Amblyopia can lead to functional blindness
Donya Betancourt, Pediatrician, email@example.com
Amblyopia is the most common cause of monocular visual (vision) impairment in children and young and middle-aged adults.
Amblyopia usually begins in infancy or childhood. Amblyopia, also known as "lazy eye", has many causes. Most often it results from either a misalignment of a child's eyes, such as crossed eyes (strabismus), or a difference in image quality between the two eyes (one eye focusing better than the other.)
In both cases, one eye becomes stronger, and causes the brain to shut down the messages from the weak eye, which will eventually lead to functional blindness in that eye.
All babies are born with poor eyesight. As babies grow, their eyesight gets better. Good eyesight needs a clear, focused image that is the same in both eyes. If the image isn't clear in one eye, or if the image is not the same in both eyes, the vision pathways will not develop correctly.
In fact, the pathways may actually get worse. Because there are several causes of amblyopia, the treatment must match the problem. Glasses fix some problems. Surgery may be needed for cataracts, droopy eyelids or crossed eyes. After the cause of the amblyopia is found, the child will need to use the weaker eye most of the time, so it will get stronger.
The vision pathways in the brain must become strong early, when children are very young. The first few years of life are the most important for eyesight. After a child is 8 to 10, the brain's vision system is complete. It cannot develop anymore. If the amblyopia has not been treated by this age, the child will have poor vision for life. It will not be possible to fix it with glasses, patching or any other treatment.
To make the child use the weaker eye, a patch can be put over the stronger eye. Sometimes, eye drops or special glasses are used to blur the vision in the stronger eye. This makes the weaker eye become stronger. The treatment usually lasts until vision is normal, or until vision stops getting better.
For most children, this takes several weeks. A few children need to use eye patches until they are 8 to 10 years old. There's a small chance that using an eye patch for too long can hurt the strong eye. For this reason, children who are wearing eye patches should see their doctor often during the treatment.
For decades, patching the unaffected eye has been the mainstay of amblyopia treatment. Compliance has been compromised, according to the investigators, because many children with amblyopia have been required to wear an eye patch during school hours. For these children, the accompanying social and psychological stigma is real.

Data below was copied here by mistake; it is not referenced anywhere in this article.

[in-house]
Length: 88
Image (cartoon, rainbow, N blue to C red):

There was a study published in the May issue of the Archives of Ophthalmology the outcome of two hours of eye-patching daily combined with one hour of near visual activities daily was as good as six hours of patching per day.
Because the daily burden to administer treatment for amblyopia falls on the parent, the findings from this study will immediately affect families that have young children with this eye disorder, study chairman Michael Repka MD, in Baltimore, Maryland, says in a news release.
The findings make it much easier for parents to monitor their children and encourage children to successfully comply with treatment. Timely and successful treatment for amblyopia in childhood can prevent lifelong visual impairment.
Since amblyopia usually occurs in one eye only, many children may be unaware of the condition. As many parents do not take their infants and toddlers in for an early comprehensive vision examination, many children go undiagnosed until they have their eyes examined at the eye doctor's office at a later age.
Age nine is the upper limit for any hope of vision recovery. If there is any way for you to have your child screened by an eye doctor, please do so. School screenings are not reliable. The most important diagnostic tools are the special visual acuity tests other than the standard letter charts used by the eye doctor. Examination with cycloplegic drops is necessary to detect this condition in the young.
It should be remembered, the earlier that amblyopia is detected the better the chances for vision recovery. If not treated early enough, an amblyopic eye may never develop good vision and may even become functionally blind.